Background: Public healthcare facilities are overburdened with large numbers of stable antiretroviral treatment (ART) patients resulting in poor management and long waiting time; community ART Refill Groups (CARGs) are postulated to decongest facilities improving care as one person collects ART at the facility for the whole group. This study explores patient and service provider''s acceptability of CARGs in Zimbabwe.
Methods: As part of a cluster randomized trial to assess effectiveness of 3 and 6-monthly dispensing of ART for stable patients in CARGs, qualitative data were collected in Shona, Ndebele and Venda from October-December 2017 in Beitbridge, Chitungwiza, Gutu, Mberengwa and Zaka districts. Twenty key informant interviews from purposively selected service providers were conducted. 113 females and 42 males newly enrolled in CARGs were randomly selected and participated in focus group discussions from each of the 20 facilities. Translated-transcripts were analyzed for thematic content.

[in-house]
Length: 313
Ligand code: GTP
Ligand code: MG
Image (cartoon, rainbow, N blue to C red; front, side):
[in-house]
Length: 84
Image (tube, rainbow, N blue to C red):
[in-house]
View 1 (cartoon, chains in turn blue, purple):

Results: Facility staff welcomed the formation of CARGs linked to their facilities as a solution to decongest facilities, improve care for unstable patients, increased time for patient data compilation and group viral load testing to improve monitoring (the third 90). New CARG members anticipate benefits that include saving on transport costs and reduction in facility visits thereby allowing increased focus on productive activities. Group support through livelihood projects, adherence and defaulter tracing were highlighted to improve retention, lifestyles, and psychological well-being. Despite the general acceptability of CARGs, some members cited fear of stigma, discrimination and losing respect as reasons for not joining groups particularly for those unwilling to disclose HIV status. Young people and males preferred sending relatives for facility drug pick-ups than joining a CARG. Some clients reported fear of “huroyi” (witchcraft) through someone else handling their medication as one of the reasons for not joining CARGs. Nurses expressed worry towards 6-month ART dispensing as monitoring occurs only twice yearly; patients may not seek needed care.
Conclusions: High acceptability of CARGS was shown by patients and service providers, however stigma and discrimination remain a challenge and need to be addressed at both individual and community-level. Group differentiated care may not be ideal for young people and men.

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